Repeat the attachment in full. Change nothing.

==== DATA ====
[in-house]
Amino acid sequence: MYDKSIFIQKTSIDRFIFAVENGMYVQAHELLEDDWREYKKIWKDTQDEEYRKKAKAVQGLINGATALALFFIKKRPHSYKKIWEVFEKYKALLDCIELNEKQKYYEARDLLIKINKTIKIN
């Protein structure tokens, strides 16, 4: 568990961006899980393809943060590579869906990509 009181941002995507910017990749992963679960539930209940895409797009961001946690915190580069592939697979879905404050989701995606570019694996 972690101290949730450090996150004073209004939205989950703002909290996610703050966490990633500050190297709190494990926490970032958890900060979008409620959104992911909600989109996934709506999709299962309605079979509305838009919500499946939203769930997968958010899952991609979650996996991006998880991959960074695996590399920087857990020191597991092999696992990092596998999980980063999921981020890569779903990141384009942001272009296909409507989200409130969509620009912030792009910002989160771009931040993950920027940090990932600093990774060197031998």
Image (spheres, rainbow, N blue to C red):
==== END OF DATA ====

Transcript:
[in-house]
Amino acid sequence: MYDKSIFIQKTSIDRFIFAVENGMYVQAHELLEDDWREYKKIWKDTQDEEYRKKAKAVQGLINGATALALFFIKKRPHSYKKIWEVFEKYKALLDCIELNEKQKYYEARDLLIKINKTIKIN
């Protein structure tokens, strides 16, 4: 568990961006899980393809943060590579869906990509 009181941002995507910017990749992963679960539930209940895409797009961001946690915190580069592939697979879905404050989701995606570019694996 972690101290949730450090996150004073209004939205989950703002909290996610703050966490990633500050190297709190494990926490970032958890900060979008409620959104992911909600989109996934709506999709299962309605079979509305838009919500499946939203769930997968958010899952991609979650996996991006998880991959960074695996590399920087857990020191597991092999696992990092596998999980980063999921981020890569779903990141384009942001272009296909409507989200409130969509620009912030792009910002989160771009931040993950920027940090990932600093990774060197031998």
Image (spheres, rainbow, N blue to C red):